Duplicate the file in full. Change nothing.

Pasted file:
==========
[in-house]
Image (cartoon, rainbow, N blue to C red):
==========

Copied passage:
[in-house]
Image (cartoon, rainbow, N blue to C red):